SOCIAL Media Week Lagos 2016 has provided the Nigeria Communications Commission (NCC) opportunity to explain its regulatory postures with regards to social media, freedom of information (FoI), and the Cybercrime Act 2015 implementation.
Prof. Umar GarbaDanbatta, NCC’s EVC who was represented by Tony Ojobo, director, Public Affairs, while intervening on the matters, described the Cybercrime (Prohibition, Prevention, Detection. Response, Investigation and Prosecution of Cybercrimes and other Related Matters) Act 2015 as an Act of Parliament which has become law since it was accented to by the President of the Federal Republic of Nigeria in May 15 2015.
Danbatta said that the debate generated by the Act demands that New Media practitioners familiarize themselves with the contents of the law as it affects their practice.
‘The Act,’ he said ‘does not encumber the freedom of expression as enshrined in The Constitution but seeks to protect those whose freedom may be damaged by the freedom freely expressed by others’.
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Section 24 of the Act, he emphasised, deals with Cyber stalking and also prescribes punishment for “Any person who knowingly or intentionally sends a message or other matter by means of computer systems or network” which, among others, “he knows to be false, for the purpose of causing annoyance, inconvenience danger, obstruction, insult, injury, criminal intimidation, enmity, hatred, ill will or needless anxiety to another or causes such a message to be sent: Commits an offence under this Act and shall be liable on conviction to a fine of not more than N7,000, 000. 00 or imprisonment for a term not more than 3 years or to both such fine and imprisonment’.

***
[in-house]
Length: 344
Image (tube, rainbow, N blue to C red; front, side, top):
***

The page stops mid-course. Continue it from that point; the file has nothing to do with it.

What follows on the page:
He reiterated that the Act shares out responsibilities to the various stakeholders including, cybercafé operators, financial institutions and telecom service providers. For instance, Section 38(1) expects a service provider to keep all traffic data and subscriber information as may be prescribed by the relevant authority for the time being, responsible for the regulation of communication services in Nigeria, for a period of 2 years.
“Part 11 &111 of the Act deals with Designation of certain computer systems or networks as critical national infrastructure as well as offences and penalties for damaging such critical infrastructure.”
‘It may be interesting to juxtapose this part of the Act with Section 1 of the Criminal Justice (Miscellaneous Provisions) Act of 1975 (An Act to provide stiffer penalties for damages to telephone communication works, electricity transmission lines and oil pipelines and to enable armed patrols arrest any person committing an offence under this Act) and see how they work together to protect telecommunications infrastructure.
According to the NCC Boss, media practitioners should help to canvass the position of the Law and bring needed attention to the severity of the offence and how willful destruction of these facilities impact negatively on the country in all ramifications.
‘Let me assure this august gathering that the Commission is aware of the pervasive influence of the Social Media and has responded by setting up an Online and Special Publications Unit which is domiciled in the Public Affairs Department. This is beside the New Media and Information Security, and the IT Department. Part of the responsibilities of the Online and Special Publications Unit is to engage the New Media Practitioners in order to use their platform to publish the Commission’s activities online and real time.
‘At most of our events, the Commission streams its activities live on social media platforms such as twitter, Facebook and YouTube in order to reach the online Community’, the EVC said.